- Smoking is one of the most important causes of illness and death in HIV-positive people.
- Smoking increases the risk of lung cancer, heart disease, high blood pressure and stroke.
- HIV-positive smokers have a greater risk of lung cancer than other smokers.
Tobacco is a legal, and widely used, drug. About 9.6 million adults smoke in Great Britain. However, smoking is addictive and there is clear evidence that it damages health in many ways. Smoking is the main cause of preventable illness and death in the UK. Every year, smoking causes around 96,000 deaths.
Smoking is a major risk factor for cardiovascular (heart) disease, causing about 14% of deaths from heart disease. It causes around 80% of deaths from lung cancer and around 80% of deaths from chest conditions such as bronchitis and emphysema. More than one quarter of all cancer deaths are linked to smoking. These include cancer of the lung, mouth, lip, throat, bladder, kidney, pancreas, stomach, liver and cervix.
Smoking can also affect fertility, and damages your skin, teeth and sense of smell and taste.
Smoking and HIV
Smoking, in itself, does not make HIV infection worse. The rate at which HIV disease progresses or the number of CD4 cells lost is no greater in smokers than non-smokers.
However, there are higher levels of smoking among people with HIV than in the general population, with the accompanying health risks. For people taking HIV treatment who have an undetectable viral load, smoking has a much greater impact on life expectancy than HIV infection.
"Stopping smoking will significantly reduce your risk of developing heart disease and other cardiovascular illnesses."
It’s well known that smoking increases the risk of heart disease, high blood pressure, and stroke. There is evidence that smoking is the main risk factor for heart disease in people with HIV. In addition, there is some evidence that having HIV may itself increase the risk of heart disease. Further, some anti-HIV drugs can cause increases in blood fats, and this can contribute to cardiovascular illnesses. So if you smoke and take certain anti-HIV drugs, your risks might be increased even further.
It’s well established that smoking increases the risk of a number of cancers, including lung cancer. Although relatively rare, lung cancer seems to occur more often in people with HIV. Studies have shown that HIV-positive smokers have an increased risk of lung cancer. Studies have shown that smoking is the main risk factor for non-AIDS-defining cancers, such as liver cancer, in people with HIV.
Stopping smoking (or not starting in the first place) will significantly reduce your risk of developing heart disease and other cardiovascular illnesses. Giving up, whatever age you are, can improve your day-to-day health as well as potentially increasing your life expectancy.
You are most likely to stop smoking and stay stopped if you are motivated. There are lots of ways to get help with giving up smoking.
Talk to your GP (family doctor). Taking part in a ‘stop smoking’ clinic or service has been shown to help people to stop smoking, and your GP can refer you to one of these. You can take part in group or one-to-one support services. There are also online support services available, and a telephone helpline (see below for details).
Cigarettes are addictive because they contain nicotine. You may find that nicotine replacement therapy can help reduce the craving for cigarettes and make quitting easier. Your GP can prescribe patches, gum, or lozenges which contain nicotine. There is no evidence that these interact with anti-HIV drugs. You can also buy these over the counter.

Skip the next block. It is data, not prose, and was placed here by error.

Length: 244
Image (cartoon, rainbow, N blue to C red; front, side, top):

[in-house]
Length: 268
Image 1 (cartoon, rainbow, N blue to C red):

Many people find that nicotine replacement therapy can help reduce the craving for cigarettes and make quitting easier.
More recently, electronic cigarettes (e-cigarettes) have become a popular aid for stopping smoking. Evidence is still developing on how effective they are, but many people have found them helpful for quitting. An e-cigarette is a device that allows you to inhale nicotine without most of the harmful effects of smoking (using one is often referred to as ’vaping’). The effects of using e-cigarettes on your health aren’t fully known yet. However, they are safer than smoking and may be a good option to use while you are giving up, particularly if you have tried other methods without success. They are not currently considered a medical device, so your GP cannot prescribe them and you will need to buy them. This may change in the future.
Your GP can prescribe medication to help you stop smoking, such as a drug called Champix. Champix (varenicline) is safe for people with HIV to use but, like all drugs, has side-effects of its own. Talk to your doctor about whether Champix might be suitable for you.
The antidepressant drug bupropion (Zyban) can also help you stop smoking. However, it interacts with some anti-HIV drugs, especially ritonavir (Norvir, used to ‘boost’ other anti-HIV drugs) and efavirenz (Sustiva) – these drugs can reduce the level of Zyban in your blood and you may need to increase your dose. Talk to your HIV doctor if you are thinking about taking bupropion so you can work out the best dose for you. The drug can also cause side-effects, including dry mouth, insomnia, headaches, and fits.
Giving up smoking is hard. You are most likely to give up if you get expert support. But there are things you can do, alongside this, to help you with it. Avoiding ‘triggers’ – activities that you associate with smoking – where possible, may help. Exercise can also be helpful. Some people find that alternative therapies such as acupuncture and hypnotherapy help them stop smoking.
Where to go for help and support
Find your nearest NHS Stop Smoking Service from the NHS Smokefree website, or call the Smokefree National Helpline to speak to a trained adviser on 0300 123 1044.